Daily Protein Intake Patterns on Energy Metabolism and the Motivation to Snack

2016-06-12 16:31:25 | BioPortfolio


The purpose of this study is to determine if when one eats protein can change how the body uses food for energy. Researchers will also test if eating a high protein breakfast can change one's craving for snack foods.


The purpose of this study is to determine if consuming 30 g of high-quality protein at each meal can increase fat utilization and shift between-meal snack choices. While the benefits of high-protein diets are well known, little is known about the optimal amount of protein that should be eaten at each meal. Most Americans eat little protein at breakfast and lunch and most of their protein at the evening meal. Current guidelines for protein are based on body weight; however, recent evidence indicates that absolute amounts of protein at each meal are needed to maintain metabolically active fat-free mass. This suggests that a more even protein consumption pattern across daily meals may positively influence energy metabolism. In addition, recent evidence indicates that protein may reduce activity in the food reward areas of the brain. This suggests that protein may influence between-meal snacking by decreasing the relative reinforcing value (RRV) of highly rewarding snack foods. The RRV of a food is an empirical measure of its motivating value and energy-dense foods are highly reinforcing, especially for obese individuals. This study will be the first to investigate the role of the daily distribution of protein intake on energy metabolism and modifying snacking behavior.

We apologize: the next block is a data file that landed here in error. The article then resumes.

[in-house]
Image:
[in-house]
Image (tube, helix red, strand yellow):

Study Design

Allocation: Randomized, Intervention Model: Crossover Assignment, Masking: Open Label




Even protein, Skewed protein


USDA Grand Forks Human Nutrition Research Center
Grand Forks
North Dakota
United States




USDA Grand Forks Human Nutrition Research Center

Results (where available)

View Results


Published on BioPortfolio: 2016-06-12T16:31:25-0400

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